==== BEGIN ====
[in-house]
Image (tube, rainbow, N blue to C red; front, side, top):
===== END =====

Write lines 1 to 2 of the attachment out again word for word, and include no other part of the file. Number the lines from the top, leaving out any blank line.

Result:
[in-house]
Image (tube, rainbow, N blue to C red; front, side, top):